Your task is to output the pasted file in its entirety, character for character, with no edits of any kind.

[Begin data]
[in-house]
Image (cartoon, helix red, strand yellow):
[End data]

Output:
[in-house]
Image (cartoon, helix red, strand yellow):